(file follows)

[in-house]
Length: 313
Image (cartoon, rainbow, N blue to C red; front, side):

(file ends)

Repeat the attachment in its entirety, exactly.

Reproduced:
[in-house]
Length: 313
Image (cartoon, rainbow, N blue to C red; front, side):